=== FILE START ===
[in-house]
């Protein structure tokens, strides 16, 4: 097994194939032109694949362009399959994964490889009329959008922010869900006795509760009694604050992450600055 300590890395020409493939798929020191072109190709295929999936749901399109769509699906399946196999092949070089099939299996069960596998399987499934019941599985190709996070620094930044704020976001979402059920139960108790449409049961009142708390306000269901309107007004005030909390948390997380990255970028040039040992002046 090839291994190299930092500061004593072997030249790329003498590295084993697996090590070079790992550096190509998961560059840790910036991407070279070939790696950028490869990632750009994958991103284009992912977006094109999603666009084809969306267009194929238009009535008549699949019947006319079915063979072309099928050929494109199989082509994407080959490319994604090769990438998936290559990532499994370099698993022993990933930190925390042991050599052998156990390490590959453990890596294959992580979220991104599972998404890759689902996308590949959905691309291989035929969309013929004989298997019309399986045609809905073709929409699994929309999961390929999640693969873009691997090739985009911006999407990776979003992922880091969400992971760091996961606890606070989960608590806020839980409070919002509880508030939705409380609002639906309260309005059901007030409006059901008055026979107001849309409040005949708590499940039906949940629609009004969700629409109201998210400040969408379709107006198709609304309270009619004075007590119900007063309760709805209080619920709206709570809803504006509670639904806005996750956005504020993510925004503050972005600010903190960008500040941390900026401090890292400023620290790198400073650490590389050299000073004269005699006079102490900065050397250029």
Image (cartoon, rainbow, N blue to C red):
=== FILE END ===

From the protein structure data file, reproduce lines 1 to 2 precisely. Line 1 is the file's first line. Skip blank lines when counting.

[in-house]
């Protein structure tokens, strides 16, 4: 097994194939032109694949362009399959994964490889009329959008922010869900006795509760009694604050992450600055 300590890395020409493939798929020191072109190709295929999936749901399109769509699906399946196999092949070089099939299996069960596998399987499934019941599985190709996070620094930044704020976001979402059920139960108790449409049961009142708390306000269901309107007004005030909390948390997380990255970028040039040992002046 090839291994190299930092500061004593072997030249790329003498590295084993697996090590070079790992550096190509998961560059840790910036991407070279070939790696950028490869990632750009994958991103284009992912977006094109999603666009084809969306267009194929238009009535008549699949019947006319079915063979072309099928050929494109199989082509994407080959490319994604090769990438998936290559990532499994370099698993022993990933930190925390042991050599052998156990390490590959453990890596294959992580979220991104599972998404890759689902996308590949959905691309291989035929969309013929004989298997019309399986045609809905073709929409699994929309999961390929999640693969873009691997090739985009911006999407990776979003992922880091969400992971760091996961606890606070989960608590806020839980409070919002509880508030939705409380609002639906309260309005059901007030409006059901008055026979107001849309409040005949708590499940039906949940629609009004969700629409109201998210400040969408379709107006198709609304309270009619004075007590119900007063309760709805209080619920709206709570809803504006509670639904806005996750956005504020993510925004503050972005600010903190960008500040941390900026401090890292400023620290790198400073650490590389050299000073004269005699006079102490900065050397250029």